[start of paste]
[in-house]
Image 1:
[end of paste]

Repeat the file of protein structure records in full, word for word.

[in-house]
Image 1: